Tennis Elbow – and Other Tendon Troubles

Moving Ahead     Summer 2019

Oh, my aching _____! Fill in the blank with whichever spot is bugging you: elbow, shoulder, knee, heel or lower leg. That joint pain and soreness may be tendinitis.

Any medical condition that ends in “-itis” tells you there’s inflammation. So, tendinitis is inflammation of a tendon, a thick cord of flexible, fibrous tissue that connects muscle to bone.

The causes of tendinitis aren’t exactly known. Aging or disease (diabetes, rheumatoid arthritis or infection) are possibilities. But tendinitis usually occurs after strain, overuse, injury or too much exercise.

Where You’ll Find Tendinitis

Tendinitis most frequently occurs in the:  

  • Elbow. “Tennis elbow” or “golfer’s elbow” refers to pain that runs along the back of your elbow and forearm, or from the tendon that runs from elbow to hand on the palm side. 
  • Shoulder. Rotator cuff tendinitis, also known as swimmer’s shoulder or pitcher’s shoulder, occurs in the shoulder capsule and can make arm and shoulder movement painful. 
  • Knee. Patellar tendinitis, sometimes called jumper’s knee, is an injury to the tendon that connects your kneecap (patella) to your shinbone. 
  • Heel and lower leg. The Achilles tendon connects calf muscles at the back of the lower leg to the heel bone. Achilles tendinitis is an overuse injury of that tendon.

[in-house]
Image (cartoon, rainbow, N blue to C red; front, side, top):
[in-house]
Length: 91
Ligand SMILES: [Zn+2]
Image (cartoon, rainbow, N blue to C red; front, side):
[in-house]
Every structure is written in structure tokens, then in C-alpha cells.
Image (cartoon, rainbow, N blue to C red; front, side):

“Tennis elbow is the tendinitis we see the most often and, no, you don’t have to play tennis to experience it,” says Scott Albright, MD, of Premier Orthopedics. “Repetitive gripping activities, especially using your thumb and first two fingers, can bring on tendinitis.”

Tendinitis usually occurs after strain, overuse, injury or too much exercise.

Diagnosing and Treating Tendinitis

In addition to a history and physical exam, your healthcare provider may take an X-ray or use a needle to remove a small amount of tendon fluid to test for infection or other disease.

Tennis Elbow small

“Tendinitis often gets better with anti-inflammatory medications. Putting ice on a recent injury helps, as does resting or elevating the affected area,” says Dr. Albright. “Stretching exercises may help, as do splints or braces in some cases.”  

Other treatments may include:

  • Ultrasound, which are gentle sound-wave vibrations that warm deep tissues and improve blood flow
  • An electrical current that pushes a corticosteroid drug through the skin directly over the swollen bursa or tendon
  • Gentle stretching and strengthening exercises
  • Massage of the soft tissue. 

If there’s no improvement, your doctor may inject a drug into the area around the tendon. If your joint doesn’t improve in 6-12 months, the doctor may perform surgery to repair damage.